Techniques for Amsterdam Coffeeshop Manners: Don’t Piss Off the Dealer

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Techniques for Amsterdam Coffeeshop Manners: Don’t Piss Off the Dealer

It used to be that Amsterdam was Weed Mecca and anyone everywhere else had to scrape along on whatever schwag they could find, actually risking life and also liberty within their search for happiness.

Currently, however, we have arrived at the point when folks born the year Proposition 215 passed and also California started rolling the weed legalization snowball are old enough simply to walk directly into an Amsterdam coffeeshop and buy pot — and then criticize it for not being as effective as the marijuana they could obtain at home.

Although in some instances this will be true, it’s a sure approach to annoy the individual promoting it, and these folks are still a lot nearer to being traditional drug sellers than the bright-eyed, bushy-tailed cannabis techs that staff medicinal dispensaries throughout Twenty two American states.

As a result of bizarrely paradoxical Dutch ‘tolerance policy’, coffeeshops are usually constrained with their range of pot to what they are presented by individuals who have had to illegitimately cultivate, harvest, store, transport, and finally sell, their item. Once bought by a coffeeshop, that weed ‘magically’ becomes legal — nevertheless it can also magically change it’s name, sativa/indica ratio, THC percentage, how it was cultivated and even prizewinning status by the time it ends up on the menu.

Coffeeshop proprietors only have the information provided to them by the (unlawful) cultivators, that is generally restricted to the amount they need for it per gram; any additional details are the province of the buyer, and since there aren’t any quality controls of any kind in place, there is nothing to stop dishonest coffeeshop owners declaring their pot is what ever is currently well-liked.

For customers, the end result of this process is that you really, really want the dealer on your side. This is the person who can make or break your holiday high; if the titles on the menus mean little or nothing, the person who is dealing with the marijuana themselves will likely be your best resource on which looks great at the moment. Therefore, here are some do’s and don’ts to keep Amsterdam coffeeshop staff happy, and thereby guaranteeing yourself a better time.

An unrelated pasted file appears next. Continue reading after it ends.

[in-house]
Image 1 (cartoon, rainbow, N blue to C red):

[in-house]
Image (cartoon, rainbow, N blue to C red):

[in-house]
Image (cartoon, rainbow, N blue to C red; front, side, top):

DON’T — inquire if you are able to light up the indoor marijuana outdoors. Amsterdam coffeeshop menus usually divide their wares according to the method by which these were grown, resulting in lists entitled ‘Indoor’ as well as ‘Outdoor’. Don’t even ask this in a misguided endeavor to be funny, as experienced sellers are fed up of having to clarify that the Indoor/Outdoor Bud Police only exist in your mind, dude.

DO – tip the seller. Particularly if the duties are split between a dealer for marijuana and also a barrista for drinks, as often their wages are identical however the dealers will not receive a share of the bar tips. Even more specifically if you plan on returning to the same coffeeshop frequently during your visit, since you will hopefully be appreciated as one of the rare people who tipped the seller.

DON’T – ask to see everything on the menu if there are already individuals waiting around behind you. When the dealer isn’t in a hurry, they may be pleased to show you all the sativas, for instance, but attempt to narrow your alternatives down a bit before asking them to start opening tubs. If you wish to test the patience of mankind, go into Starbucks and ask to smell every single type of coffee; if your staff don’t hint that this may be annoying, the other people waiting to order probably will.

DO – order in the bar and pay for your beverages instantly. Sitting down before you’ve purchased is a large no-no, specifically as numerous coffeeshop staff will want to see ID from anybody who appears to be under 25 every time they get through the door. Table services are virtually non-existent in Amsterdam coffeeshops, as is running a tab; the combined short-term memory problems with both customers and staff make it too easy for customers to (inadvertently) leave without paying.